Re-engineering African higher education to competence based education
Kombo, D. K.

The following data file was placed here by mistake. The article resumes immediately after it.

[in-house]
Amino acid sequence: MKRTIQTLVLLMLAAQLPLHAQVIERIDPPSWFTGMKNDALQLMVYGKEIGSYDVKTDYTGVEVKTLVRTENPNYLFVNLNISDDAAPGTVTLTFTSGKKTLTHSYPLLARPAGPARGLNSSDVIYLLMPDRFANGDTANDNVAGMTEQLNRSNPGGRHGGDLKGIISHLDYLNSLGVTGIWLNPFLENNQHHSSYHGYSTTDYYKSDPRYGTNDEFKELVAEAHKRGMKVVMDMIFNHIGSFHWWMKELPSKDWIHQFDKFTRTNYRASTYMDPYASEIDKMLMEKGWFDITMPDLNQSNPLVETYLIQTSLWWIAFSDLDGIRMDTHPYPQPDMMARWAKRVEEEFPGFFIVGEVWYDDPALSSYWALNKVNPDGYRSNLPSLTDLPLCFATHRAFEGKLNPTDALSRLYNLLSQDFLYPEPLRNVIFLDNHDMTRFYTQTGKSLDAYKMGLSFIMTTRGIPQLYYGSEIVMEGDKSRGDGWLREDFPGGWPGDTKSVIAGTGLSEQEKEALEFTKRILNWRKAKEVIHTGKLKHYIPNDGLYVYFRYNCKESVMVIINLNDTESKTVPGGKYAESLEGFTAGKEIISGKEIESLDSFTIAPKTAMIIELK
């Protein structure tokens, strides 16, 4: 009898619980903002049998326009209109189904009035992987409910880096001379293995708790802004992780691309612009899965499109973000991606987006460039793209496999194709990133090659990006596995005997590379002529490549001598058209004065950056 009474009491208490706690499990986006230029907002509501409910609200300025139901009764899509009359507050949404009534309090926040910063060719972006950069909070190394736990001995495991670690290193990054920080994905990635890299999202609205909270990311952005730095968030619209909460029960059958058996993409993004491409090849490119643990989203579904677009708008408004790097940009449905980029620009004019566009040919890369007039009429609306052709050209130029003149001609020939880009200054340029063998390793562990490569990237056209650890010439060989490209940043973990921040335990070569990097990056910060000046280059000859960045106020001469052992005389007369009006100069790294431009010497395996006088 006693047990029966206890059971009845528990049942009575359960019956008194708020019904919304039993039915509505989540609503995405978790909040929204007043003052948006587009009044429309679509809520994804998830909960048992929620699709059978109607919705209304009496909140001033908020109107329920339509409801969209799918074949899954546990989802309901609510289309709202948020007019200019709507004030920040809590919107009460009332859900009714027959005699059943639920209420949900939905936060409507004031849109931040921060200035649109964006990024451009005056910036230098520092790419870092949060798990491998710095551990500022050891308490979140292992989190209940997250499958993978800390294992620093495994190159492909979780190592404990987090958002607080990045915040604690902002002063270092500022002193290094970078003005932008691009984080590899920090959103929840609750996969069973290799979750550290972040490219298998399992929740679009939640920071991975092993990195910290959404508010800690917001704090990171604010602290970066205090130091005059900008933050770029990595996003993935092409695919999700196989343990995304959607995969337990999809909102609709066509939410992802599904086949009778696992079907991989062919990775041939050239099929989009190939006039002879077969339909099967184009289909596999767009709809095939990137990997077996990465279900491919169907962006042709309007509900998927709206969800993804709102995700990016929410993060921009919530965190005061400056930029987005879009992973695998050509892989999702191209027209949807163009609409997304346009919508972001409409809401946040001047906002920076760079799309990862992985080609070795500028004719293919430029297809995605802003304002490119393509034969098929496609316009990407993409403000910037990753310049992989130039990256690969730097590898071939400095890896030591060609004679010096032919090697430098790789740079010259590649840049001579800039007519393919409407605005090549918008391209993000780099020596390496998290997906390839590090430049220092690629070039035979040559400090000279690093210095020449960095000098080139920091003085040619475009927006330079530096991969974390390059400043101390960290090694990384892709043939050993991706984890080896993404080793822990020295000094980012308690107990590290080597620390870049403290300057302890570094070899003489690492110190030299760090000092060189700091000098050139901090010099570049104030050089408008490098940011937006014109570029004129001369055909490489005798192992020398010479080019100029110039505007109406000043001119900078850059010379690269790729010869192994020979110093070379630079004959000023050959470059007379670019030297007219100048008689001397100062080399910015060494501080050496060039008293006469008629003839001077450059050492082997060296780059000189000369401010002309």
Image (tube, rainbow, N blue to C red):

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The 21stcentury has been referred to as the knowledge society due to the propensity of the production of knowledge as a result of the learning revolution. As a consequence, focus has been drawn to the education models and the effectiveness in producing a citizenry that is able to keep abreast with the dynamism of the times. This paper offers a critical examination of our education model, in view of the fact that recent literature has indicated that most of our school graduates do not learn much (KNLAR, 2010; MOEST, 2003 & Mamdani, 2007). We propose the use of a competence based model of teaching and learning, where by, the learning products are defined explicitly, the delivery options are varied and the level of learning is what drives the assessment model rather than the evidence of credit points usually captured in the traditional teaching and learning model. The competence-based model has been said to be the bridge between the traditional education paradigm and the learning revolution that has beset the21stCentury, since, learning can be described and measured in ways that are apprehended by all parties. The student is able to return to one or more competencies that s/he has not mastered in the learning process, rather than repeating a whole unit, as would be in the traditional model (Voorhees, 2001). Using a case study of the DePaul University/Tangaza B.A. degree programme, which is based on the competence-based model, this paper will outline the critical elements that underline the effectiveness of the model and why it would be useful as an alternative to re-engineer our traditional model of teaching and learning at institutions of Higher Learning in Africa.